A Simple Recipe For Adventure.
In anticipation of increased demands for endurance at a higher altitude of impending climb of the Stok Kangri. We decided to use a part of a rest day to scramble up one of the orange granite ridges buttressing Leh on the North side.
The ridge looked snow-free with seemingly good approach and a good panorama of the valley from it.
My companion Martin is in a very good shape. Justifiably he is from Austria — the country which landscape partially occupied by glorious Alps.
Stocked with water and some snacks we leisurely started our march from the Dorje guest house. Our route went through the old part of town, passing the Palace following on to pass Tsemo Gompa and on along the contour of the same slope butting into a much steeper granite wall over a kilometer away.
We kept up a good rhythm seeming effortlessly flying up a steady slope of the Namgyal Castle passing a group of high schoolers from England with selfie sticks busy recording their summer episodes.
This adventure was fairly short — only half a day which could’ve been spent laying in bed or sitting at a table in a restaurant. But for these few hours I lived a completely different life that added an intricate richness to the whole of my life.
Once we left the contours of the city below, what seemed so close from below now looked quite in a distance. The slope leading to the wall had a steady incline and it kept us under pressure to be vigilant of the pace.
I enjoyed the comfort of my Asolo GTX boots which were a perfect fit for the high altitude desert floor covered with sharp crumbled granite. Their durable and light suede leather top stitched to the high-friction vibram soles afforded me to place my feet with precision of a guided missiles.
After forty five minutes walking along the ravaged wash that now bore a scar of a deep furrow carved out by the unusual almost daily occurrence of rain, we encountered our first vertical rock climb. Now the incline gained close to forty-five degrees and demanded a three-point contact position in many stretches of continuous ascent. Now every step was becoming exciting as it was offering new perspective, just like on a real mountain.
A bleached plastic bag smoothly glided by in the air as if carried by invisible hand of a local spirit clearly demonstrating why Leh and many other little towns and villages of Ladakh banned plastic bags outright.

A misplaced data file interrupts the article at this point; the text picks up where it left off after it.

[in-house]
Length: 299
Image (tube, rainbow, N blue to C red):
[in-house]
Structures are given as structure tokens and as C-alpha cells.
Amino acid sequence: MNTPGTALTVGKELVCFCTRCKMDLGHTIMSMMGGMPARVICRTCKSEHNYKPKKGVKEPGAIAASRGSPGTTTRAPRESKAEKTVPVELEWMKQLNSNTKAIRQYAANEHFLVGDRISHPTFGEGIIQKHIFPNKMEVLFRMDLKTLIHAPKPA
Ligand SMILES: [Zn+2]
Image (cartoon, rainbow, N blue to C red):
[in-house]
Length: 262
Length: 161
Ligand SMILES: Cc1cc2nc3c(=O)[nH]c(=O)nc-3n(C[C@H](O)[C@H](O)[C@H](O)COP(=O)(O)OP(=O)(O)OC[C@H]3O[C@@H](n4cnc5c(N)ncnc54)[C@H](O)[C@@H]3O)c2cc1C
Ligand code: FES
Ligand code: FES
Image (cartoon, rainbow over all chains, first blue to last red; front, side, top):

At this altitude view from here offered a spectacular panorama of Leh city now covered in the shrouds of rain. It seemed that a ring of rain clouds was going to close on us from each side. So if it was to be, we marked few overhang formations for shelter just in case.
Now it was a sustained steep step-by-step walk up to the ridge demanding mindfulness and silence. The temps dropped and sneaky gusts of winds begun to play drama of a mountain weather. Lucky for us it was still dry.
I reached the fin of a ridge and started to surf it upward. Martin is an expert of reaching heights on a tour bicycle, so this exercise was presenting a bit of a learning curve which was clearly invigorating for him.
Veils of hanging clouds dropped to the ground on each side of the ridge, magically holding a dry space for us. Now it was calm. We did a guided meditation together to leave behind anything that was no longer needed.
And when we reached a pinnacle I asked Martin what does adventure mean to him. He came back with the most profound yet short answer: – “To do something where my own body takes me to.”
We quickly descended a steep granite couloir cleaned up by the recent abundance of rain and as we were crossing the flat sole of the mountain we fell in unison comfortably silent. Each of us naturally withdrew inward to process and assimilate the internal event of this brief adventure.
I felt my buoyant joyful presence empty of conscious thoughts filling space of each moment. This adventure was fairly short — only half a day which could’ve been spent laying in bed or sitting at a table in a restaurant. But for these few hours I lived a completely different life that added an intricate richness to the whole of my life.
That’s living an adventure.